Sunday, October 21, 2018

Volume 39 Cover Reveal

Featuring Worcester artist Robert Munford and the winners of the Worcester County Poetry Association's Annual Frank O'Hara Prize and College Poetry Contest

We're excited to reveal this year's cover showcasing Robert Munford's "The Kiss." 

The manuscript is now in the hands of the printer and will be out later this fall.

Sunday, October 7, 2018

From Volume 38: "Wool Hats " by Elizabeth P. Glixman

Wool Hats
By Elizabeth P. Glixman

It’s time to close the windows,
take out the wool socks and blankets,
hunker down as if it is war.
The enemy is at our front door
holding the grenade of wind, rain,
and cold in his hand.
The hats are on the bed
knitted in autumn colors like the last leaves
lying on the ground beneath the maple tree
outside the bedroom window.

Wasn’t it May yesterday
when I shook the hats.
Pieces of crumbled leaves
and weariness fell on the bed
from cradling heads.
I put them away with moth-proof
packets of herbs.
They became closet prisoners.

New clothes, new generations appeared
Swimsuits, dresses, t-shirts, and cargo pants.
Today these clothes of freedom are in jail
for the raw winter.
The orange, raw-umber red hats are in the light,

ready to cover heads.
The lambs of the spring are not yet born.

Wednesday, October 3, 2018

Open for Poetry Submissions

We are open to poetry submissions now through January 31, 2019. Visit our Submittable page to submit. Fiction writers, we will be open for submissions again January 1 to January 31, 2019. We look forward to reading your work!

Sunday, August 5, 2018

From Volume 38: "Blackberry Season " by Joannie Stangeland

Blackberry Season
By Joannie Stangeland

When the house pours its yellow light
into the day’s long wake, we become
swimmers treading water, dusk an ocean

here in the back yard. Slowly we float
to the sound of ice in a glass of tea or gin,
guitars on a neighbor’s radio,

dandelions unwrapping like anemones,
urchins, a spiny seed for every thought
planting again this unasked-for harvest

drifting as the smell of blackberries
settles, holds the last of summer close
and deep enough to make us heady.

Here with evening falling into our arms
we know we’ve stayed inside too often,
felt strangers to our own hands,

the fortunes we can’t read on our palms,
our wishes charted to some other porch
where cleaner windows gleam, gold islands.

The wake behind the last boat thins
to plain water and salt. Robins nest in the eaves,
and we founder on our wooden chairs

in the swells of that purple scent,
begin our stories again, starting
Once upon a night with so many stars

Sunday, July 8, 2018

From Volume 38: "White Walls" by Julie de Oliveira

White Walls
By Julie de Oliveira

My mother looks beautiful
As she wipes down long lengths of
Cold marble with glass cleaner.
She smiles as she dusts underneath
Picture frames of sunburnt,
Blue-eyed, blond-haired children
Building sandcastles a thousand summers ago.
She knows this house so well,
She knows exactly where to cross
On its creaky waxed wooden floors
As not to make a sound as she steps,
The only sound is the swish of her mop.
She scrubs the insides of their oven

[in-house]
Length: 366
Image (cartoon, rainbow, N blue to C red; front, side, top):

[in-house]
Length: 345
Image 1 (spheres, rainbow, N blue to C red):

With her dry cracked hands
On her feeble God-fearing knees
As I do their dishes.
Making sure to speak
In our native tongue,
She tells me what she would’ve done differently;
Peach walls, not eggshell;
Suede, not Italian.
Cristo and the last supper and
Arroz efeijão, not mac ’n’ cheese.
The constant in and out of our family,
Neighbors, and people we’ve never met
But welcome with open hearts anyway
Because we understand the lonely,
A cold bed, and a foreign country.
Less space on white walls; more family.

Sunday, June 3, 2018

From Volume 38: "Cleaning the Bathroom " by Jennifer L. Freed

Cleaning the Bathroom
By Jennifer L. Freed

His towel, hanging rumpled on the bar,
holds the ghost of his hands.

His Pears transparent soap.
Two strands of silver woven through his comb.

The hamper—full
of his clothes. Can you carry them

down to the washer, hang them
on the line?

And then
can you fold them smooth against your chest

and let them go
to Goodwill? 

In the shower, dandruff shampoo
he thought he’d try. 

On the door, the empty
hook. When

will you wash your hair,
stop wearing his robe?

Sunday, May 6, 2018

From Volume 38: "Atlas of the Known World and Surrounding Regions" by Andrew Gent

Atlas of the Known World and Surrounding Regions
By Andrew Gent

The squirrels have built a palace
in the crook of a tree
high above my bedroom window.
Hanging gardens, stately
antechambers, harems
and exotic bazaars,
all hidden within a clump of leaves.
I see the dignitaries
come and go,
preening and twitching
like leaders of the great
industrialized nations of the world.
In the neighbor’s yard,
two members of parliament
argue the finer points
of the Sumerian calendar
while the blue jay
calls them names.

Sunday, April 8, 2018

From Volume 38: "I always dream about money: or the mediocre happy poem" by Jacqueline Morrill

I always dream about money: or the mediocre happy poem
By Jacqueline Morrill

She answers the door almost naked
But for leopard print undies
The asshole of an orange cat stuffed under her right arm
His sleeping head cradled against her bare breast
And a plate of meringue cookies balanced in the other hand
“Hey babe!”

This is what our life looks like
What my mother has come to call the “poor phase”
As if everything is temporary
And we’re just waiting for the next level.

It is the reason why my hair looks like straw and rat tail
Why our everyday costume is more than slightly shabby.

Some nights, with our bodies bracing against the cold—